A 27 year old lady kills two people while driving a car under the influence of marijuana and can end up getting probation for her lapse in good judgment. I didn’t write the word alleged because she has already been convicted. Now, she is awaiting her sentencing. At the worst she can get 6 to 8 years in the clink. But, a softhearted judge can decide to suspend the sentence and give her probation. Only because this is a first offense- no priors. Forget that she killed two people by knocking them off a motorcycle. (Let’s not go into the discussion on the stupidity of riding an open-air motorcycle.)
The judge who administered the conviction apparently feels sorry for people who smoke marijuana and then go and kill people. According to the news broadcast of this story, she has been given only a $5000 bond and is therefore able to be out in the free world until sentencing.
Compare this to the most recent former governor of Illinois (I know- I should be more specific and name names because this is a common occurrence in the Prairie State) who has been sentenced to spend the next 14 years in the hoosegow. He didn’t kill anyone or take any money in bribes. Apparently, he only threatened to demand bribes and cut deals. So, our society- at least in Illinois- considers a braggart a worse criminal than a killer. I won’t say murderer because that would be premeditated. I’m sure the lady didn’t plan to kill anyone- she just wanted to get high. But, if I recall only in love do you not have to say your sorry- or at least that’s what some guy wrote and made a lot of money on publicizing that catchphrase.
Greed seems to go hand in hand with a lack of justice. Okay, I’m talking about a different kind of justice now. You know, the kind where you want things to stay as they ought to be. Like a certain
baseball player leaving a team for which he has been a member for more than 10 years so he can make an extra 56 million dollars over the next decade. Oops, I forgot to mention that at the least, he could have stayed put with the team that made him a star and made $198 million but $250 million sounded a lot better to his ears.
Justice would have dictated that he stay loyal to his original team as he could live on $198 million very nicely and then have played his entire career for that team and be remembered fondly. Maybe they even would have put up a statue of him after he retired. Now justice dictates that he break his leg in the first week of the new season and the guy who cut the deal for the new team have a heart attack and subsequently get fired when they get stuck with a $250 million albatross because the ballplayer is never the same again.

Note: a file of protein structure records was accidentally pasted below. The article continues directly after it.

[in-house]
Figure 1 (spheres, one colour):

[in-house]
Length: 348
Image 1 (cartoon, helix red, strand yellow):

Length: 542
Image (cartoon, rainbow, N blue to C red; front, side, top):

And now comes word that the most recent National League MVP was allegedly taking performance enhancing stuff this past year of glory. He is eligible for a 50 game suspension. The story goes that the authorities knew about this as far back as October (It is December as I write this) while the balloting was going on for the prestigious award he won. Our sad sack of an athlete says to his legion of fans not to worry, that he can explain why he was drinking more than milk shakes and that his excuse is perfectly legal. Of course, it does not need to be spoken but if it turns out he is guilty then justice will be served and the MVP award will be handed over to the second place winner like they do in beauty contests. You don’t think he should be allowed to cry in his loving cup if he has to sit out 50 games next year, or do you?
As long as I’m on a roll, justice dictates that letter carriers get their paycheck delayed because it got lost in the mail. That the guy who programs the timing for traffic lights have his car’s transmission
go on the fritz so his auto won’t budge unless he opens up the wallet.
There are several more examples I can reveal but it would be an injustice to keep you from doing more important things. Catch you next time.